I hope the Sheriff understands that it takes these types of events, including the local unresolved murder-by-cop case in his own department of Joshua Johnson, to exact some action from our leaders. A lot more is needed. Above all, these things must be codified in countywide (and statewide and federal) fashion so that the next Sheriff doesn’t obliterate it all.

Either way, it’s good to see something that was decided by those whom we elected.

In other news…

After City Council failed to support a comprehensive list of police reforms submitted as budget amendments by CM Letitia Plummer, they approved an increase in funding for HPD. Instead, Mayor Sylvester Turner signed an executive order on police practices.

The EO covers the police department’s response to resistance, de-escalation, use of deadly force, prohibited techniques, and no-knock warrants. For the first time, it codifies prohibited techniques, such as neck restraints or chokeholds, which cannot be used unless objectively necessary to prevent imminent serious bodily injury or death to the officer or others.

No word on reforms that lead to more transparency and accountability, such as release of bodycam film and investigations of the bad apples and the good apples who allow them to be bad, but, supposedly, there is a task force.

Obviously, we will all keep an eye on this and the coming push back from the naysayers.

 

 

 

 

 

 

 

Fired HC Deputy Chauna Thompson Up For Cop Post in Somerville

6/10/2020 UPDATE:  Somerville Votes NO

You heard right.

Chauna (Sheffield) Thompson is being considered for a police officer post by the City of Somerville, TX.

Thompson is a former Harris County Sheriff’s Department deputy who, while off-duty, assisted her husband in the choke-hold murder of John Hernandez at a Denny’s in East Harris County in May, 2017.

Her husband, Terry, was convicted; however, DA Kim Ogg made the decision to drop the charges against Chauna Thompson because she didn’t think her office could prove Thompson intended to kill Hernandez and Thompson wasn’t in the area of the killing the entire time. The video shows Terry choking Hernandez and Chauna holding Hernandez down.

Effectively found not guilty by the DA, (Sheffield) Thompson is now free to work as a police officer, again. And, now, she is up for a post in the small town of Somerville, TX, located north of Brenham on TX36. Somerville must not let this happen.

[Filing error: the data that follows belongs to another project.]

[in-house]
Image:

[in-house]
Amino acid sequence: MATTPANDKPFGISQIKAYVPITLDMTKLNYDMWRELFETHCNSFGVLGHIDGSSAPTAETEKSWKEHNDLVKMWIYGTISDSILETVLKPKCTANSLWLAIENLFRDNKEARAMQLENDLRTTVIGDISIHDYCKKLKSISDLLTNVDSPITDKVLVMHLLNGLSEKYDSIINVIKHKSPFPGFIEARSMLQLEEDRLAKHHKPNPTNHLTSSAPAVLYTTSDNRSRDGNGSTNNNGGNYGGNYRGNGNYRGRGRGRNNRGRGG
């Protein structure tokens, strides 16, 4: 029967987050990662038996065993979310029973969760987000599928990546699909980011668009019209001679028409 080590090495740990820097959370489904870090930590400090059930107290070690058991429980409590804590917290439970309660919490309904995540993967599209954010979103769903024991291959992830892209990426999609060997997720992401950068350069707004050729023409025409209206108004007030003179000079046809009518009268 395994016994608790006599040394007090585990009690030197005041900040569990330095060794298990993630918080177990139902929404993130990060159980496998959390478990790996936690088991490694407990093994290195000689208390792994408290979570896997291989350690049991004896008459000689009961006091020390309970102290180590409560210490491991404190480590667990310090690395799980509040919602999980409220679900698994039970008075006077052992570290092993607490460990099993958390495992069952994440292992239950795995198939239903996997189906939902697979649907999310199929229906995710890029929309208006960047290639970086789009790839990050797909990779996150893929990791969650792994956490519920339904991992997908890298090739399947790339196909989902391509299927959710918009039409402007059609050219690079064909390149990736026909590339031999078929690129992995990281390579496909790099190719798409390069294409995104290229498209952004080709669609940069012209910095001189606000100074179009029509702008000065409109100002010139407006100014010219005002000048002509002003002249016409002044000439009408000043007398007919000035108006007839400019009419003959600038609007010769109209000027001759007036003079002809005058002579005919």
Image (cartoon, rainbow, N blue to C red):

The town is diverse, with 33% Hispanic and 32% African American population. Given the diversity, given Thompson’s record of participating in a murder, the City Council’s consideration of her application does not give off that feeling of trying to earn the trust of the community in these days of needed police reform. Her hiring would definitely not create that trust.

UPDATE:  A quick look at the City Council agenda attachments shows that Sheffield is being considered for re-employment, so, apparently, she has already been employed by Somerville in the recent past since her HCSO firing in 2017.

Justice for John Hernandez and others will be participating in a rally at Somerville’s City Council meeting tomorrow with the hope of convincing the City Council to vote down (Sheffield) Thompson’s application.

If you believe Somerville deserves better, attend the rally outside the city council meeting Tuesday (JUNE 9) at 5:30. The meeting is at the Somerville Senior Center on HWY 36 across from Mama’s Restaurant.

somerville

Hillary Clinton Didn’t Say Anything about Mass Immigrant Incarceration

Hillary-Send-Them-Back-ClintonHillary Clinton was being embraced by her supporters today for her speech on law enforcement and incarceration reforms. But missing from this puzzle was the piece that explains billions of dollars wasted and thousands of lives affected–immigrant incarceration.

It’s no secret that there is much waste in the form of immigrant-hunting in this country. Policies that federalize local cops to participate in immigrant hunting, incarceration, and deportation have been given steroids by the Obama Administration, while Republicans ask for more. . Republican-led state legislatures threaten “show me your papers” and racial profiling laws while awful policies are already in place. These policies have increased the distrust that immigrants and Latinos have of the police

When the media- and politically-driven hysteria about thousands of Central American children and women escaping violence and poverty came about, Hillary Clinton was among those calling for their immediate deportation after they’ve spent the whole time in inhumane private immigrant prisons–no opportunity for release or legal assistance.

So, when Clinton didn’t include this boondoggle that affects families and that has needlessly locked up and deported innocent working people with little-to-no record, and let’s not forget, little kids, it was very noticeable. Perhaps not to her hard-core fans and supporters who are proud apologists for her and the Obama administration, but I certainly noticed it.

It shouldn’t be this easy to ignore the obvious as a presidential candidate with little to no opposition (apologies to Bernie). If we are to have a conversation about police and incarceration reform, then it must include immigrant incarceration and deportation reform. Treatment of immigrants in these private prisons is just about as bad as cops killing people of color on the streets. Clinton and all candidates cannot pretend it doesn’t exist.